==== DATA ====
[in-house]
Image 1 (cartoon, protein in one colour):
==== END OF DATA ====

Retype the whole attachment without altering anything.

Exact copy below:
[in-house]
Image 1 (cartoon, protein in one colour):